Graduate Students

Incoming M.M. and M.M.E. students must take the Graduate Theory Test. The purpose of this test is to ensure that your understanding of music theory is commensurate with holding an undergraduate degree in music. If the test shows significant gaps in your knowledge of music theory, you will be required to undertake remedial work in consultation with the music theory faculty. (If you graduated from UNF with a B.M. or B.M.E. degree within the past two years then you are not required to take the test.)

(If you are entering the School of Music to pursue a performer’s certificate then you do not need to take the Graduate Theory Test. However, if you are interested in taking music theory courses as part of your program of study, you should contact Dr. Gosden.)

The Graduate Theory Test covers the following topics:

  • clefs (treble, bass, alto, tenor) and scientific pitch notation
  • major and minor scales and key signatures
  • intervals
  • rhythm and meter
  • triads and seventh chords
  • part writing
  • chromatic chords
  • harmonic analysis
  • non-chord tones/melodic figuration
  • cadences
  • 20th-century scales

Below are some resources to help you prepare for the test.

Clefs and Scientific Pitch Notation

The concept of scientific pitch notation is covered at 13:23 in this video, while the four clefs (soprano, bass, alto, and tenor) are covered in this video. You may also wish to consult this page (which refers to scientific pitch notation as the “International Standards Organization [ISO] system”).

Scales and Key Signatures

Major scales and key signatures are covered in this video and this video, while minor scales and key signatures are covered in this video. You may also wish to consult this page (on scales) and this page (on key signatures).

Intervals

Intervals are covered in this video and this video. You may also wish to consult this page.

Rhythm and Meter

Meter, time signatures, and rhythmic notation are covered in the following set of videos:

  1. The Elements of Rhythmic Notation
  2. Meter and Time Signatures
  3. Simple Meters
  4. Compound (and Irregular) Meters
  5. Beams
  6. Ties
  7. Rests
  8. More on Beams
  9. Tuplets, Double Dots, and One More Thing on Compound Meters

(For the test you should focus especially on the third, fourth, and fifth videos – i.e., simple meters, compound meters, and beams.)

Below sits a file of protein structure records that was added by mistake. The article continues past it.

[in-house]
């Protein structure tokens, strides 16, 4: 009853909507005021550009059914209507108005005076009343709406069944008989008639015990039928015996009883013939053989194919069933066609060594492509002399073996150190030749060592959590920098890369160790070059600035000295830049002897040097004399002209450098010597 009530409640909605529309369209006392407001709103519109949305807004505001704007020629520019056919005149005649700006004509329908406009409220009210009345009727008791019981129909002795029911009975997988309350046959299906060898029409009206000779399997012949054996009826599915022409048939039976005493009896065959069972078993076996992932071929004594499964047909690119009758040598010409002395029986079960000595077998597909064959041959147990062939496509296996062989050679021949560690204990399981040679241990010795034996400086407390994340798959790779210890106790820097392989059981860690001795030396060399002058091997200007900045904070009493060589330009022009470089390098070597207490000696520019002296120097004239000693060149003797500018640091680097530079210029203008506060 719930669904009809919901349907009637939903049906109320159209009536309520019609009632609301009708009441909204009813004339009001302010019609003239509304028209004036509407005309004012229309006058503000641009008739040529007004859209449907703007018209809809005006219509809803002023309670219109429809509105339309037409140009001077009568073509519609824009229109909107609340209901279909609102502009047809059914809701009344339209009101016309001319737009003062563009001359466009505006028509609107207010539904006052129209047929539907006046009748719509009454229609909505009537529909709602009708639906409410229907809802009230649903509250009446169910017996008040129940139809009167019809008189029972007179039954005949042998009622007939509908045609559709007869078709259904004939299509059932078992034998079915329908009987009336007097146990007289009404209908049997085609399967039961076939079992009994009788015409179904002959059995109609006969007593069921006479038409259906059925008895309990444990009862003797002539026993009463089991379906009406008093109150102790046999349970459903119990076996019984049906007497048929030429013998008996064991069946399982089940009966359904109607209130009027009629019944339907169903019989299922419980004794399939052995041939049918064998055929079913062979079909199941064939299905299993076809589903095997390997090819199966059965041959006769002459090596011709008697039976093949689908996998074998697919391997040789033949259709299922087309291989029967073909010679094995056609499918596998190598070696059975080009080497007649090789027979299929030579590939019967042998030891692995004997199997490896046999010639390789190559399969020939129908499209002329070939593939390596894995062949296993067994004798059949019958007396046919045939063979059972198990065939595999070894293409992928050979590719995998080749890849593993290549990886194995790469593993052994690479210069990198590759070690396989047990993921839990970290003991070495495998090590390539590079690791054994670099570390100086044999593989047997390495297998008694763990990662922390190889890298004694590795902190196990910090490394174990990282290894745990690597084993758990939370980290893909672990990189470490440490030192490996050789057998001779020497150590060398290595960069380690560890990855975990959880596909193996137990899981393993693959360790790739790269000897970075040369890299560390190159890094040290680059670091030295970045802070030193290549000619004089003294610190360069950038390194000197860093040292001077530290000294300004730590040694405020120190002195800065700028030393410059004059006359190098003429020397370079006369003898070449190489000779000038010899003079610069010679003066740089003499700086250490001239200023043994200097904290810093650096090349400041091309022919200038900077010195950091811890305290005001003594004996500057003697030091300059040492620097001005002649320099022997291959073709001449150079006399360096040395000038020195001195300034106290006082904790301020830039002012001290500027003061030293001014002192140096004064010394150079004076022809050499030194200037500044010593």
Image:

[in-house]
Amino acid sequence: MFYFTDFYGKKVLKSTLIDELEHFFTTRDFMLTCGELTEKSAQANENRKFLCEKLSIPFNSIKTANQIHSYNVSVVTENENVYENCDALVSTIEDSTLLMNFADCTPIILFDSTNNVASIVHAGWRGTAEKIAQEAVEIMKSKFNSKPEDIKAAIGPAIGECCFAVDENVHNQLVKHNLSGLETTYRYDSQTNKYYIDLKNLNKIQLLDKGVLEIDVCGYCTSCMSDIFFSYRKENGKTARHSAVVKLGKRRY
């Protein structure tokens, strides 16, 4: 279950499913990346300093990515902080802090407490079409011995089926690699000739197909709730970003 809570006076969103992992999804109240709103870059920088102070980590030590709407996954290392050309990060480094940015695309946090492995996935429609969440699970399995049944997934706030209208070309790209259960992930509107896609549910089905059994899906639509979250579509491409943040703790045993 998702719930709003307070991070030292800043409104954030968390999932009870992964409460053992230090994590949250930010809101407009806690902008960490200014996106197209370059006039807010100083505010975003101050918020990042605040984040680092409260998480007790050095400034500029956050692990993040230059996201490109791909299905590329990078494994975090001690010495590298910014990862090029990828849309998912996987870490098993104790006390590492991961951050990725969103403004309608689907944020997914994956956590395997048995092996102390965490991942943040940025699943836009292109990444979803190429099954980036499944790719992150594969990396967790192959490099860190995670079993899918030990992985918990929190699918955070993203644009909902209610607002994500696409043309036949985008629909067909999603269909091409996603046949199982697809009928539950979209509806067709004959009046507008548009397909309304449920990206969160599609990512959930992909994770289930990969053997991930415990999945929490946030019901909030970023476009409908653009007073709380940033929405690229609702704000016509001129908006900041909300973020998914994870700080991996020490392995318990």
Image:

The rules for notating rhythms correctly in a given meter (from videos 5–9) are summarized in this handout.

Triads and Seventh Chords

The basics of triads and seventh chords are covered in the following videos:

  1. Triads
  2. Seventh Chords
  3. Figured Bass
  4. Diatonic Triads and Seventh Chords

You may also wish to consult this page (on triads and seventh chords) and this page (on thoroughbass).

Make sure you understand what is meant by the root, quality, and position of a chord. For example, given the following chord

you should be able to identify that its root is F, its quality is major-minor (or dominant) seventh, and its position is first inversion.

Part Writing

The basics of SATB part writing are covered in this handout, as well as the following videos:

  1. The Chorale-Style Vocal Score
  2. Voice Leading
  3. The Leading Tone
  4. The Authentic Cadential Progression

You may also wish to consult this video (on inversions of V7) and this video (on leading-tone and supertonic seventh chords).

Chromatic Chords

The chromatic chords covered in the above exercises are discussed in the following videos:

  1. Secondary Dominants
  2. Augmented Sixth Chords
  3. The Neapolitan Sixth Chord

Harmonic Analysis

Non-Chord Tones/Melodic Figuration

The different types of non-chord tone are explained in this handout.

Cadences

The different types of cadence are explained in this handout. You may also wish to consult the following videos:

20th-Century Scales

The scales covered in the above exercises are explained on this page. You may also wish to consult this handout.